Session 6: Experimental techniques in sociological research
Oroganizer: Stefanie Eifler, University of Bielefeld, Germany, email@example.com
Recently, experimental strategies have been widely employed in various areas of empirical social research. In comparison with previous research strategies, the application of experimental strategies in the analysis of attitudes and behavior constitutes a substantial broadening.
Experiments are one of the well established techniques of data collection in the field of empirical social research: Laboratory and field experiments have been carried out within the framework of social psychological studies, and in present studies, experimental designs are frequently combined with survey techniques in the analysis of attitudes, behavior and attitude-behavior-relations. Up to now, several contributions which focus on various aspects of the validity of experimental research have been presented.
Laboratory experiments have been frequently criticized for their lack of mundane realism. Starting from this criticism the introduction of hypothetical independent and dependent variables in experimental analyses was supposed to bring experiments more in line with everyday activities. However, this approach seemed to evoke normative processes and to elicit social desirability in particular. Field experiments are routed in the everyday life of actors but their internal validity seems suspicious due to difficulties regarding the control of nuisance variables by randomization, elimination and frequency matching. Factorial Surveys have been preferred to conventional assessments of attitudes and behavior. It is assumed that the factorial survey improves the reliability and the external validity of the results in general. However, only a few studies have been devoted to an empirical analysis of the assumption that the factorial survey leads to more reliable and valid measures of attitudes and behavior when compared to conventional scaling and self-report techniques.
Against the background of these considerations, the session aims at a comprehensive examination of methodological difficulties in the application of experimental strategies in various fields of empirical social research. Contributions which not only apply experimental strategies but also focus on one of the above mentioned methodological problems and criticisms are particularly requested and welcome.
Session 7: Business Meeting
Session 8: Measurement error in panel surveys
Organizers: Annette Jäckle, University of Essex, UK, firstname.lastname@example.org and Emanuela Sala, University of Essex, UK, email@example.com
The importance of longitudinal data to measure social and economic change has long been recognised and more and more longitudinal surveys are being funded worldwide. Panel surveys collect data about different points in time by interviewing sample members at regular intervals. The repeated measures generated in this way can, amongst others, be used to investigate change, event histories and causal mechanisms or to control for unobserved effects using panel data methods.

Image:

Compared to longitudinal data generated from one-time retrospective life history questions, panel surveys reduce recall problems, by asking respondents about time periods close to the interview. Longitudinal data from panel surveys can nonetheless be affected by serious measurement error (ME) and responses given in different interviews are not necessarily consistent. As a result estimates from panel data may be biased.
Session 9: Issues in the teaching of research methods in the social sciences
Organizers: Barbara Kawulich, University of West Georgia, USA, firstname.lastname@example.org, Claire Wagner, University of Pretoria, South Africa and Mark Garner, University of Aberdeen, UK
Over the past several years, the session organizers have collaborated to enrich the area of teaching research methods (RM) through expanding discussions about issues that impact teaching RM. We are interested in opening up our discussion to include the views of others, to stimulate a broader discussion from a multidisciplinary perspective of problems and successes associated with the process of teaching RM. Each of the presenters in this session will be an experienced researcher and teacher of research methods who can elaborate on various problems or issues associated with teaching RM.
Session 10: New technologies and data collection in social sciences
Organizers: Katja Lozar Manfreda, Faculty of Social Sciences, University of Ljubljana, Slovenia, email@example.com and Vasja Vehovar, Faculty of Social Sciences, University of Ljubljana, Slovenia, firstname.lastname@example.org
The permanent flow of technological advancements presents an important driving force for methodological development in social sciences. This session is seeking papers that will contribute to our understanding of how new technologies (especially Internet services and mobile technologies) are influencing the way we do quantitative and qualitative research in social sciences. Papers will show how new technologies are used for collecting data. In particular, the following areas are of special interest:
Session 11: Methodological issues in survey research
Organizer: Ken Reed, ACSPRI, Melbourne, Australia, email@example.com
Sample surveys are fundamental to sociological research. Their scope is expanding through the growth of cross-national comparative surveys and surveys that track change over time. The value of survey data depends on the development of techniques and methods to overcome the well-known limitations of survey data, to respond to persistent problems (such as declining response rates) and to address new problems (such as those arising from the application of new survey technologies).
This stream welcomes papers on methodological issues that contribute to improvements in survey research generally, and data quality in particular. Papers may be theoretical, empirical or reviews of the state-of-the art; and address any of the following topic areas:
Session 12: Analysis of social change with survey data